A lot of the writing in Grimm’s tales is in that very matter-of-fact tone that most fairy tales are known for–like one of my favorite endings, “And so they were all dead together.” I like this tone. I like that the simplicity of the tales’ delivery is part of what makes them both fun and disturbing. But some of the passages and the stories I’ve taken the most notice of are the ones where a little bit of poetry and that more “fancy” language comes out. It’s like the emotion is there, just under the surface of all that matter-of-factness–and it can’t help but sneak out from time to time.

Like in the beginning of The Frog Prince

In the old times, when it was still of some use to wish for the thing one wanted

Or in Faithful John when the prince sets eyes upon a picture of a beautiful princess…

“My love for her is so great that if all the leaves of the forest were tongues they could not utter it!”

Or when Rumpelstilskin explains why he wants the poor girl’s first child and not her riches…

“No, I would rather have something living than all the treasures in the world.”

It’s so sad. I almost feel bad for Rumpelstilskin. He does seem a rather lonely fellow, even if he does want to steal away some poor girl’s first born child. Especially because he wants to steal away her child. And the princes’ odd tongue metaphor is rather sweet. And the beginning of the Frog Prince is so perfectly bittersweet. It hints that now, these times, it’s not worth wishing for things. Wishes don’t come true now, so it’s not even worth trying. But oh, once, though the stories were often harsh and cruel and bitter (just like our real world today is), once wishes were worth making. There’s a sad kind of beauty there.

Needless to say, I’m enjoying the stories. The course itself, I’ll wait to pass judgement on. But, hey, if it gets me to read more and be disciplined, then it’s worth my time I suppose.


The supreme question about a work of art is out of how deep a life does it spring.

I stumbled across a series of etchings Henri Matisse did for a printing of Ulysses in 1935 while going through my news feeds tonight. They are wonderful and the book looks amazing. Read the post and check out the rest of the etchings on Brain Pickings. There is a $30,000 book signed by both Joyce and Matisse. I don’t know why but it seems crazy to me that such a thing even exists. I might have to make a trip to the museum this weekend.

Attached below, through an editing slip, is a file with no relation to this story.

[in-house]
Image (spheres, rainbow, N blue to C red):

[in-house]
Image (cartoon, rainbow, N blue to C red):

A Potato Reading Virginia Woolf

Your eyes do not deceive you, that is indeed a potato reading Virginia Woolf. You see potatoes love post-modernism and the stream-of-consciousness style of writing. I do as well. That’s why I bought this custom print from Marc Johns, who will forever hold a special place in my heart.

It Takes a Worried Man to Sing a Worried Song
I’ve been digging on Pete Seeger today. He’s like  Mr. Rodgers with a guitar. Or maybe like that guy who tells everyone to paint happy little clouds. Anyways, he’s pretty amazing. Here he is on the Johnny Cash show:

“You know these old songs, they never really die out. This song is the whole human race!”

This is the song I remember my parents playing as a kid:

Funny how at the time I just thought it was a fun, silly song with boxes and colors. I thought ticky-tacky was a good thing. It was such a silly word and it was so fun to say. As it turns out ticky-tacky is just the man trying to get me down! Once again, I have been disenchanted. But, you know, in a good way.

Strangers’ (Books) on a Train
Tonight on my way home, the passengers of the J train were reading the following:

The Imperfectionists by Tom Rachman 

The Devil in the White City by Eric Larson

Journey to the Center of the Earth by Jules Verne

The Imperfectionists really wasn’t too great in my opinion, but only because I really wanted it to be great and it let me down. Sometimes I think the idea of a book is better than the actual book. (You can read my whole Goodreads review here.) The Devil in the White City sounded cool–murders and the World’s Fair. Okay, sounds cool, I’ll bite. And I’ve never read Journey to the Center of the Earth but I absolutely loved the cheesy movie they made us watch in grade school.